Unmasking Sour Coffee: Expert Tips and Fixes
// //
Ryan
//
26.06.24

Unmasking Sour Coffee: Expert Tips and Fixes

Whether you’re a newcomer to the world of specialty coffee or a seasoned aficionado, you’ve likely encountered a sour-tasting coffee at a coffee shop or in your own kitchen. If you’ve ever wondered why your coffee tastes sour and how to fix it, you’ve come to the right page.

Sour coffee is an unfortunate experience that can leave you questioning everything. Is this what specialty coffee is supposed to taste like? Am I brewing it wrong? Did the barista mess up? or even worse.. am I supposed to enjoy the sourness? Recognising that sourness is not ideal and understanding why it happens is the first step to improving your specialty coffee experience.


Recognising Sour Coffee

To identify sour coffee, it’s essential to understand the basic taste categories: sweet, salty, sour, bitter, and umami. Sour coffee has a distinct sharpness that is immediately noticeable, often hitting the sides of your tongue and leaving an unpleasant aftertaste. This sharpness can create a puckering sensation in your mouth, similar to sucking on a lime. Unlike the balanced acidity that adds brightness and complexity to a good cup of coffee, sourness overwhelms the palate and detracts from the overall flavour experience. Recognising these characteristics is the first step.


Acidity vs. Sourness: Understanding the Difference

Acidity in coffee is often misunderstood. While sourness is an undesirable flavour, acidity is a positive attribute that adds vibrancy and complexity to your coffee. Think of acidity as the effervescence in a sparkling water; it brings life and excitement to the drink.


The Role of Acidity in Coffee

Different types of acids contribute unique notes to the coffee, which essentially aids in enhancing overall taste. Here are the main acids found in coffee:

  • Citric Acid: Found in lemons, limes, and oranges, citric acid imparts bright citrus notes to coffee.
  • Malic Acid: Present in green apples, this acid adds a crisp and tart quality.
  • Phosphoric Acid: Common in soft drinks, phosphoric acid gives a sweet and tangy flavour.
  • Acetic Acid: Similar to the sharpness of vinegar or sour beer, acetic acid can add a bite to the coffee.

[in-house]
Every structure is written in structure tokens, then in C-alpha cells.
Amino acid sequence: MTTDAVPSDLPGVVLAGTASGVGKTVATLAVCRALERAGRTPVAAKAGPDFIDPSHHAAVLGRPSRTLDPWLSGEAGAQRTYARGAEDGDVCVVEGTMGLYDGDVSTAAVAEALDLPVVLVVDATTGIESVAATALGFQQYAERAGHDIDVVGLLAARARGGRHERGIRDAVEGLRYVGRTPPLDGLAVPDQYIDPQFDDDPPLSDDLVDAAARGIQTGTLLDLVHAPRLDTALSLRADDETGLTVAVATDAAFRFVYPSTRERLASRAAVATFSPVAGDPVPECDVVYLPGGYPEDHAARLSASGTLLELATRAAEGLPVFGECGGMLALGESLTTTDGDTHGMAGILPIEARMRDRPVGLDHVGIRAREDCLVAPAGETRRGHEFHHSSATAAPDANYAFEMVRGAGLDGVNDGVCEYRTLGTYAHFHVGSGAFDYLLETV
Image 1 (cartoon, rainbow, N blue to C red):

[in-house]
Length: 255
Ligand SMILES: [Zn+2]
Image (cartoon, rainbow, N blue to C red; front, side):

• Lactic Acid: Found in milk and yoghurt, lactic acid contributes a creamy and smooth acidity.
  • Tartaric Acid: Present in grapes and bananas, tartaric acid adds a fruity and wine-like character.

Different coffee-growing regions with their own unique terroirs and growing altitudes produce coffee with varying levels of acidity. For instance, Brazilian coffee tends to have lower acidity, resulting in smooth, nutty flavours. In contrast, East African coffees, such as those from Kenya, are known for their high acidity and fruity, zingy profiles.


I know what you’re thinking.. What about that citric acid? Isn’t that what makes my coffee sour?
Great question! 

Citric acid similar to that found in lemons and oranges, adds a refreshing citrus note to coffee, contributing to its complexity and brightness. When balanced correctly, this acidity enhances the coffee’s flavour, making it vibrant and lively. However, if the coffee is subpar and/or not brewed with precision, the citric acid can become overwhelming, shifting from pleasant acidity to unpleasant sourness.

Think of citric acid in coffee like the lemon juice in a perfectly made guacamole. When used in the right amount, lemon juice brightens and enhances the flavours of the avocado, cilantro, and other ingredients. But if you add too much lemon juice or don’t balance it with the other ingredients, the guacamole becomes overly sour and loses its creamy, rich texture. Similarly, properly balanced citric acid brings out the best in coffee, while imbalance leads to an unpleasant experience.